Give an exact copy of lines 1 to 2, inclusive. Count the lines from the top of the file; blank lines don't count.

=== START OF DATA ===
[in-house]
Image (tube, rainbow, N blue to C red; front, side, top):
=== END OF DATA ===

[in-house]
Image (tube, rainbow, N blue to C red; front, side, top):